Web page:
21Van de Weg and others2012Post-hoc analysis in existing prospectively collected datasetDisease severitySmallRetrospectiveIndonesiaTo evaluate DF/DHF/DSS and D/SD against disease severityRetrospective quantitative analysis of laboratory and clinical parameters in existing prospectively collected dataset; sensitivity and specificity analysisD/SD, 69 patients (39.9%) D and 104 patients (60.1%) SD. DF/DHF/DSS: 24 patients (13.9%) DF and 149 patients (86.1%) DHF/DSS. SD: 64 severe plasma leakage, 6 severe bleeding, 18 plasma leakage and bleeding, and 16 severe organ impairment. D: 38 patients (55.1%) had received ITU treatment compared with 13 patients (54.2%) classified as DF. SD 91 patients (87.5%) had received intensive treatment intervention, a slightly higher number than 116 patients (77.9%) in the DHF/DSS group. D/SD specificity, 70.5%; sensitivity, 70.5%. DF/DHS/DSS specificity, 25%; sensitivity, 89.9%.Taken together, we conclude that, in both clinical and research settings, the performance of D/SD is an improvement to DF/DHF/DSS, although more validated and detailed classification criteria need to be defined.
Excluded expert opinion studies relevant to the subject and used in the discussion
22Hadinegoro2012ReviewComparing DF/DHF/DSS and D/SD for clinical applicationN/AN/AIndonesiaNot specifiedNot specifiedAlthough the revised scheme is more sensitive to the diagnosis of SD and beneficial to triage and case management, there remain issues with its applicability. It is considered by many to be too broad, requiring more specific definition of WS.Quantitative research into the predictive value of these WS on patient outcomes and the cost-effectiveness of the new classification system is required to ascertain whether the new classification system requires additional modification or whether elements of both classification systems can be combined.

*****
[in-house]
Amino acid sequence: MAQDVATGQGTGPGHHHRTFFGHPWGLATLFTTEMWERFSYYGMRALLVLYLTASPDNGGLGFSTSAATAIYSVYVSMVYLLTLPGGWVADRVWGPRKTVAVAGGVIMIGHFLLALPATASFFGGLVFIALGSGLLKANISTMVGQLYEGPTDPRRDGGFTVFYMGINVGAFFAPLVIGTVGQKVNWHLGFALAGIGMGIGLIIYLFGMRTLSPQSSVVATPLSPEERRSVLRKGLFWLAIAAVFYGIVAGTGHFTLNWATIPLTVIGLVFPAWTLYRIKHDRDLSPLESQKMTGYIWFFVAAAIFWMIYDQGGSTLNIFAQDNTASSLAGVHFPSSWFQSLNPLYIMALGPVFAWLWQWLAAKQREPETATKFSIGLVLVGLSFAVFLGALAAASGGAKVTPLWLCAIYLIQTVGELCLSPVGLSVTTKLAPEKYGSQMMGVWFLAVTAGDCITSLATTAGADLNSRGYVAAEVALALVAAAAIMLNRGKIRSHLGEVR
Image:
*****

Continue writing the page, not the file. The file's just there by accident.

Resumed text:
23Halstead2012ReviewComparing DF/DHF/DSS and D/SD for clinical application and pathogenesisN/AN/AN/ATo describe the usefulness of the 1997 and 2009 case classification in relation to underlying pathogenesisNone specifiedThe WHO 2009 case classification is not useful for clinical work and especially not for pathogenesis research but maybe useful for reporting.The development of a robust case classification is the priority.
24Halstead2013ReviewComparing the DF/DHF/DSS and D/SD for clinical application and pathogenesisN/AN/AN/AWe discuss the impact that the widespread adoption of the 2009 WHO case definitions may have on the development of research hypotheses or the conduct of research on dengue diseasesNone specifiedMuch of the framework for understanding the etiology of dengue disease, the phenomenon of antibody-dependent enhancement of infection, and concepts of T cell immunopathology has developed out of studies on the dengue vascular permeability syndrome. As illustrated below, if the future pathogenesis research is based on clinical responses included in SD, such patients will exhibit an a mixture of dengue disease syndromes and/or complications of treatment, such as (1) the distinct syndromes contained within the clinical category severe bleeding and (2) inclusion of clinical endpoints that may confuse natural with iatrogenic evolution of disease.Pathogenesis research should be conducted as much as possible on carefully defined categories of human disease response, which requires splitting, not lumping.